Michel Gondry on how he'll helm Green Hornet and stay true to himself

Michel Gondry, director of the upcoming superhero movie Green Hornet, told SCI FI Wire that he is looking forward to combining his idiosyncratic ideas with the demands of a big-budget studio action movie.

"It's all going to be something different, but that's successful, so I guess there is no problem now," Gondry said in an exclusive interview Monday. "We have a producer, Neal Moritz, who's pretty damn successful; he released Fast and Furious, which had [one of] the biggest openings of all time, so he's going to guide us in our differences, and so far all of my ideas, he loves them and says 'I like the ideas, and I'm open to them.'"

Green Hornet is based upon the 1960s television serial—which was itself based on 1940s radio serials—about a masked hero who fights crime. Gondry admitted that he joined the project after it was already underway, but said he looks forward to collaborating with Moritz, as well as star and co-writer Seth Rogen. "Of course, I have no choice," Gondry said. "I got on board a project that was already sort of going. But I think by them meeting me and me meeting them, we'll be in a very strong place."

SCI FI Wire spoke exclusively to Gondry via telephone during the promotion of his new collection of short films and music videos, titled Michel Gondry 2: More Videos. The following is an edited version of that interview.

You've talked about how Dave Chappelle's Block Party and Science of Sleep taught you things that you applied to Be Kind Rewind. Did the process of doing this music video collection teach you things about doing Green Hornet?

Gondry: Well, yeah. Everything I do, I learn from it. When I finished Human Nature and before I started Eternal Sunshine [of the Spotless Mind], I made a book full of thoughts how to improve my directing skill. Some of them were just bad reviews that I decided to take seriously; although sometimes it's really personal and it's not constructive, sometimes they say something that may be true, and sometimes if I was upset by a comment, I tried to find out why I was upset. Generally, if I was upset about a comment, it was because there was some truth in the comment. So I looked into that, and I've still got this notebook about what to learn from my mistakes and what was successful and how to combine what I do well and what I don't do well to do better. I had lost it, and I was sort of upset about it, and I just found it back two weeks ago, and I read it again and it's very amazing that I did that. I took all of the things that were in the way of me being better, and I wrote them down, and I find a solution for each problem. I think if you take the time and effort to write the problem on a piece of paper, then you can find a solution.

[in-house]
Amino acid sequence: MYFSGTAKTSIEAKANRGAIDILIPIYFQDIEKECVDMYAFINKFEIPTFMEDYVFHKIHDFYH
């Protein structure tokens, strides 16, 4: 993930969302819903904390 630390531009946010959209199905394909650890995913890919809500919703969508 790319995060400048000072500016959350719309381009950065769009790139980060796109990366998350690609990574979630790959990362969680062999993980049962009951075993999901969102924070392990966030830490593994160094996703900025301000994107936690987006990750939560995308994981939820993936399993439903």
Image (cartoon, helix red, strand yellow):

I generally don't think it's worth doing a list, but I think if you make the effort of writing your problem down, then part of the problem is solved. You can think of solutions and then try them. That's not a direct answer to your question, but that's how I work, and I connect these projects. I have a level of frustration in the outcome, and I try to see, like, to find ways to meet expectations where there's satisfaction, and I like to find ways to enhance the satisfaction and then to make it better. Maybe it doesn't translate in the work—some people tell me that I only did one good movie, Eternal Sunshine, and the rest is crap, but there is stuff I learned. I did the other films on my own, and there was a progression between Human Nature and Eternal Sunshine, and it was exactly the same team, and I think there is a progression as well, even if it's not on the same scale or I managed to do the writing myself. I'm always trying to find something new to do, and sometimes it's restricting that people want to condemn me for trying new things.

You've described Green Hornet as something different from what you've done in the past. Is this a situation where you're kind of going to the mountain, or are you trying to do something new?

Gondry: ... People like to say it's quirky, but I think it works by trying to be as human as possible. I'll try to portray a human quality I see in real life and I appreciate through the medium. That's my job, to not use the film to camouflage moments of a person's personality, but to reveal that personality, and I think this is a very clear and broad statement, maybe something to do with feeling good or this type of direction, so I don't see why this should not be easy for people to appreciate.

Is there a lesson you took away from the mixed reception to Be Kind Rewind that you are applying to Green Hornet, which is going to be a much bigger piece of populist entertainment?

Gondry: Well, I'm not writing it, for one thing. People kind of blame it on the writing. I mean, I say one simple thing: The country where [Be Kind Rewind] did really great, where it was a big hit, was England. It was the only country that understood the film and did proper promotion. It was the only country where Jack Black went to promote the film.

I guess he did promotion in America, but he was off doing tons of promotion for Kung Fu Panda. Even when I was in Japan promoting Be Kind Rewind, he was there, and he knew I was there promoting because he was there to do Kung Fu Panda, and I think in this kind of movie, you need your actor to be behind the film. Not that I want to blame him; I think that was great, he brought a lot, but I think in terms of the promotion, he was a little short. But anyway, this movie naturally is [bigger], with more things to be nervous about.

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